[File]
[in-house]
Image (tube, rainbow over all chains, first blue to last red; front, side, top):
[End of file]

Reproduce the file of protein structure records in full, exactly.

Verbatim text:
[in-house]
Image (tube, rainbow over all chains, first blue to last red; front, side, top):